|The spot that started it all.|
I’m not myself. I haven’t been since March 2015. That was when an imaging scan revealed a lesion on my then fifteen year-old daughter’s brain. The scan was ordered to see why she was having increased headaches and vision abnormalities associated with migraines. (During this past week’s appointment at Golisano Children’s Hospital, I learned from the pediatric neuro-oncologist that such findings are called an “incidental diagnosis.”) For over a year, I have been walking a mental tightrope constructed of fear, sadness, and anxiety. Although her pediatric neurologist, whom she’s been under the care of for her epilepsy these past nine years, felt the lesion was going to turn out to be “something boring,” he still referred her to a pediatric neurosurgeon at a state and nationally ranked hospital for his official opinion. We left that appointment with the same prognosis as her pediatric neurologist had given us; addressing the brain anomaly as a lesion or scar tissue that she could have had since development and that it appeared to pose no threat. Due to her autism and the cognitive damage her grand mal seizure caused in 2014, the location of the lesion, near her thalamus, hypothalamus, and brain stem, was deemed too dangerous on both a cognitive and physiological level to risk a biopsy.
|L to R: The morning after her grand mal seizure with broken capillaries evident on her face, neck, and chest|
from increased blood pressure, straining, and lack of oxygen; four days later and her skin tone almost back to
Six months later, we returned to the larger hospital for a comparison contrast MRI. Due to the mild reaction she had to contrast dye at our local facility, the MRI had to be performed at Golisano because they are better equipped for an adverse reaction. The contrast dye plays such a pivotal role in imaging lesions, her doctors agreed it was worth the risk to get the better images. She was prescribed Prednisone, an antihistamine, and Ativan ahead of the scan. We left the hospital for her across town follow-up appointment with the pediatric neurosurgeon. During the appointment, his vocabulary evolved since our initial appointment from lesion and scar tissue to glioma and tumor. My husband and I felt like we suffered a direct blow to our hearts. A medical sucker punch. We had been naïve. Maybe looking through rose-colored glasses during the first round of appointments. At any rate, I chastised myself for not jumping on the computer and researching as much as I could about brain lesions. If I had, I would have asked a lot more questions during the first visit. I realize doctors don’t want to make a patient and their family panic, especially when they feel the prognosis is positive, but I went into it blind and uninformed. I know how much doctors hate when patients or their family members use computers for self-diagnosis, however, being prepared isn’t a bad thing.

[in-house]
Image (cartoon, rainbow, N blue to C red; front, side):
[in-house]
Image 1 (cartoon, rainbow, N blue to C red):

With the change in vocabulary, I researched the terms and recommendations. My husband, while he was just as worried, wasn’t freaking out like I was. He remained patient as I had my mom meltdowns fueled by “what ifs?” I consulted with a friend who is an ER physician’s assistant. In her department, she gets exposed to a little of everything. I asked her if getting a second opinion was too extreme. She actually encouraged it even if it was just for peace of mind. I arranged for a second opinion at Children’s Hospital of Philadelphia. Their pediatric neurology and oncology departments are ranked third in the nation. My daughter’s godmother’s mom let us spend the night at her house to make the five hour trip to Philly a little easier on all of us. Staying with her put us less than forty miles from the hospital. Their pediatric neuro-oncologist agreed with our daughter’s doctors not only on the status of the tumor, but reaffirmed that a biopsy would be detrimental to her. Mackenzie isn’t the same child since her grand mal and we can’t risk losing more of her.